Less than a week after around 400 people discussed proposals for a new national membership organisation of the grassroots Scottish independence movement, a second online event has placed the proposal on firmer grounds, paving the way for the imminent election of an interim national committee aimed at bringing ‘YesAlba’ into existence by the end of the year.
All Under One Banner (AUOB), the street movement which has mobilised tens of thousands of independence supporters at marches and rallies since the 2014 referendum, organised both of the virtual ‘Assemblies’, but has made clear that it sees the new organisation as much broader than its own ranks. It has drawn inspiration from YesCymru in Wales, which had just 2,000 members in January but has grown rapidly to reach an impressive 15,000 members this month. Both the name ‘YesAlba’ and its draft constitution draw heavily from YesCymru’s example.
The first of the two Assemblies focused on a wider political discussion about the independence movement and strategies for realising independence. The Republican Socialist Platform has already published my report from the first Assembly. The following Assembly on Sunday 22 November was a much smaller event with a narrower, more practical remit.
‘Doing the donkey work’
Those of us attending the second Assembly were dubbed YesAlba’s ‘steering group’. In total, there were around 100 of us, including more than a dozen RSP members. Andrew Wilson, one of the key figures in AUOB (who is not the ex-SNP MSP and lobbyist), described the group’s task as “doing the donkey work”. He made clear that the principal task of the day was to discuss and agree a process for electing YesAlba’s inaugural national committee.
Unlike the first of the two Assemblies, which took place over six hours on Hopin, this meeting took place over roughly three-and-a-half hours on Zoom, making use of its breakout rooms feature to host separate sessions, dealing broadly with structures, membership, fundraising, online decision-making, digital strategy and legal structure. A majority of participants, including me, joined the session on structures (which unfortunately spent a great deal of time discussing the name of the organisation rather than the mechanisms by which it would take decisions).
A republican socialist approach
The RSP’s regular monthly meeting was brought forward to Saturday 21 November to discuss the emergence of YesAlba and how we, as republican socialists, should respond to it. This was a very useful exercise and brought out a wide range of attitudes towards the new organisation, ranging from the enthusiastic to more cautious. It was particularly fortunate that YesAlba’s draft constitution had been circulated the previous evening, allowing us to discuss in advance some of the specific proposals being brought to the second Assembly.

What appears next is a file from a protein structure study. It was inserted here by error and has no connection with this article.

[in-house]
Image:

Although there were important points raised about the political orientation of the new organisation, and the prospect of winning it to a republican strategy based on the sovereignty of the people and away from the SNP leadership’s unsustainable position of deference to the British constitution, the discussion was also underpinned by a strong desire that YesAlba and the process of establishing it should be as democratic, accountable and transparent as possible. By the end, we had reached agreement on the following specific points:
- The YesAlba constitution should be amended to provide for the right of existing national organisations, like the Radical Independence Campaign, to affiliate.
- The inaugural national committee should be elected by an online ballot as soon as possible, rather than being elected by Assembly participants on the day.
- The commitment in YesAlba’s constitution that it will ‘exclusively’ use All Under One Banner to organise marches or demos should be removed.
When RSP members raised these arguments in the Assembly, they were widely supported. Although there remained, by the end, uncertainty over the content of YesAlba’s constitution and the process by which it would be finalised, there were encouraging signs that these points and others raised by RSP members over the course of the day would lead to revisions.
National committee election
It was welcome that Andrew Wilson made clear at the beginning of the Assembly that the election of the inaugural committee was not going to take place on the day, as some had expected, but would instead take place by online ballot, with a period for nominations to be submitted and election statements to be circulated and considered. This was an important commitment to democratic process at a critical juncture in the founding of the organisation.
However, AUOB also proposed that the franchise for that online ballot should be limited to the new ‘steering group’ made up of the roughly 100 people attending the second Assembly. RSP members argued consistently for a wider franchise in order to involve more people in the process of establishing the organisation and increase its democratic legitimacy. We raised the alternative of balloting everyone who registered for the previous Assembly as well as attendees of the second Assembly. This proposal was put to the Assembly (albeit after technical hiccups) and won majority support. In practice, this means that the franchise for the upcoming committee election has been expanded from roughly 100 people to more than 1,200 people.
RSP members should be extremely proud of our role in dramatically widening the election franchise. As another participant pointed out, political groups or factions which were overrepresented among the 100 steering group members benefited the most from the smaller franchise. RSP members made up nearly 15 per cent of the steering group but will make up less than one per cent of the wider franchise the Assembly eventually adopted. This will hopefully be seen as evidence of our commitment to embedding a democratic culture and process within the new organisation rather than opportunistically seeking sectarian advantage.